Being a seamstress takes some guts.
All the skilled stitching that goes into a project is an absolute labor of love. But in order to be successful, it also requires a good, hard look at geometry and the physical dimensions of a person. Sewing fit that can be achieved with a tape ruler, muslin fabric, and time. It all contributes to improving confidence when you wear out that new dress. Yet to get there, you have to be absolutely honest with the number on the measuring tape and when the sewing doesn’t fit. And that part really sucks, especially when you’ve spent so much time on it.
Add to that, the emotional blow when a sewing pattern says you should fit into a size 16, but last you were at the mall, you fit into a size 8 ready-to-wear (RTW.)
Vanity sizing and its effects all over the garment industry and has been a topic on style blogs, newspapers, and editorials since it has become rampantly obvious over the years. I can only imagine how frustrating it is for someone who doesn’t sew and relies solely on what’s available in stores, not understanding the reasoning behind it, let alone the history of clothing sizes.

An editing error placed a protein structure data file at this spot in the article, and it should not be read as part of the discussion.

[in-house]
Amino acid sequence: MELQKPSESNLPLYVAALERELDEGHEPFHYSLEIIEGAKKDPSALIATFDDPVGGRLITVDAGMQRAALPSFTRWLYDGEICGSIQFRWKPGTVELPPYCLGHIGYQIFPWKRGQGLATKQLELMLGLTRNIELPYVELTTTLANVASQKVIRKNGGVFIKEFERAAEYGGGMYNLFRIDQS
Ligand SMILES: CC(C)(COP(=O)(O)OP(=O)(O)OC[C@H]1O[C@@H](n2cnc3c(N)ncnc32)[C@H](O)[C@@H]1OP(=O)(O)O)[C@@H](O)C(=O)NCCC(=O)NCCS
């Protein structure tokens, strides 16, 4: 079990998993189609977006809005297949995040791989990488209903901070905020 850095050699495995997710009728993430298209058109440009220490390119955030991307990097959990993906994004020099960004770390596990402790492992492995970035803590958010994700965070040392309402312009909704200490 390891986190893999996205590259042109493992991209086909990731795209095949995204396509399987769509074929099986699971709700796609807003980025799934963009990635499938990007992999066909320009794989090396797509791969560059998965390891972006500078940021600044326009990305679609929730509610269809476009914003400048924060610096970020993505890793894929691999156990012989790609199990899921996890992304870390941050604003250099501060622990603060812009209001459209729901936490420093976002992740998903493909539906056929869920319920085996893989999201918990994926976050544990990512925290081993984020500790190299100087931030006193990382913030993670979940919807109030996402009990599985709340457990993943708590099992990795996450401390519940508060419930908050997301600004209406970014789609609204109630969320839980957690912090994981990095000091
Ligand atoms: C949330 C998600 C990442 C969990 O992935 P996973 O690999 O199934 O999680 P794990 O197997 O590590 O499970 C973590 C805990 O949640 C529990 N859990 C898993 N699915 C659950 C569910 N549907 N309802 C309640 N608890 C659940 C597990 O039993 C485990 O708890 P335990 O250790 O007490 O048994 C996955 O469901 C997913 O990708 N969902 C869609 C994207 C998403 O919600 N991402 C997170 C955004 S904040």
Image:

Clothing sizes reflect a classic modern dilemma, a conflict between human heterogeneity and mass production. Standardized sizes made inexpensive, off-the-rack garments economically feasible.
- Mis-measuring a pattern wrong along some step of the way
- Cutting fabric incorrectly (bias versus straight grain)
- Picking the wrong materials for the task at hand
- Not treating the materials properly (not preshrinking, etc.)
- Not sewing with the correct thread
Or sometimes, just sometimes, it can be that a little bit of extra weight could have been packed on since the last time body measurements were taken. Weight is not a bad thing (no value judgement here; personal note- I’ve gained a lot of weight since I’ve started this blog- some of the pieces I made years ago no longer fit)- weight changes and fluctuates throughout the month and throughout the years. But the “loss” of a great garment and a great sewing fit achieved through hours of invested work over a matter of 10 pounds… well, that sucks.
How do we overcome when our sewing doesn’t fit?
For me personally, something I spent so much time sewing means infinitely more than something RTW– and when that piece no longer fits me, I’m more than miffed!
There are ways around it: adding a bigger seam allowance to clothing so it can be taken in and out as the body changes, using materials with more stretch, sewing on the bias, and even the most direct, losing the weight. There are plenty of resources online to pour into and play around with when it comes to all the previous list.
Whatever the decision, it still takes the little reality check that dimensions change over time and that’s ok. As a seamstress to counter the change, it simply takes an adjustment to either a number on the pattern tissue or a workflow.